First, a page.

Measurements of the Condition of Individual Organisms and Populations
Physiological, Histological, and Demographic Measures

There are a variety of methods for assessing the condition of individual organisms that can provide evidence of environmental degradation. These include measurements of body burdens of various compounds (e.g., polychlorinated biphenyls, mercury), the prevalence of cancers or deformities, and the concentrations of enzymes that are synthesized in response to environmental contaminants. Other types of environmental impacts can be detected from studies of the size or structure of populations. These latter measures can be particularly useful for monitoring the status of harvested populations such as fish or trees.

Ambient Bioassays

Like the closely related effluent bioassays described above, ambient bioassays expose test organisms to a stimulus. In effluent bioassays, the stimulus is an effluent. In ambient bioassays, the stimulus is usually water from a polluted or potentially polluted source, such as a river. Like effluent bioassays, ambient bioassays measure the survival, growth, or reproduction of test organisms. Whereas effluent bioassays are used to assess the toxicity of particular effluents, ambient bioassays assess the cumulative toxicity of point and nonpoint sources of pollutants after their dilution by, for example, a body of water. Stewart (this volume) describes the insights yielded by ambient bioassays and the considerations that are necessary when evaluating ambient bioassay data.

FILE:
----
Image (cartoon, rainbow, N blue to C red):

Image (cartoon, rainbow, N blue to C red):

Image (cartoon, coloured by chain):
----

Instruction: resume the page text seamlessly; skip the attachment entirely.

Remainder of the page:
Measurement of the Condition of Entire Ecological Communities

Particular species have long been used as "indicators" of ecosystem condition. Indicator species are organisms whose sensitivity to pollution makes them useful as a tool for detecting polluted sites. The concept is useful, but reliance on a particular species makes for a crude measure; the indicator species is either present or absent. Absence is not necessarily a result of local conditions; the species may never have had the opportunity to colonize the site. In addition, particular indicator species may help detect particular environmental impacts, but they are not likely to be suitable for detecting a wide range of impacts.

Information on the presence or absence of indicator species has frequently been supplemented with various basic ecological measurements such as species richness (e.g., the number of fish species in a particular section of a river), the abundance of various organisms, or more formal ecological measures of species diversity. Most of these measures assume that analysts have good information on the characteristics of relatively undisturbed reference sites in the region of inter-

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